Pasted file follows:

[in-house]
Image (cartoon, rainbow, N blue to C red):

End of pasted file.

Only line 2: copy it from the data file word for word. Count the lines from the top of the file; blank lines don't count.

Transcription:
Image (cartoon, rainbow, N blue to C red):